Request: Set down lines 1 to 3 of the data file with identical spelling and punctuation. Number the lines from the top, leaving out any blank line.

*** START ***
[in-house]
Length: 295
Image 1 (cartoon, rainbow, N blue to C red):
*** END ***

[in-house]
Length: 295
Image 1 (cartoon, rainbow, N blue to C red):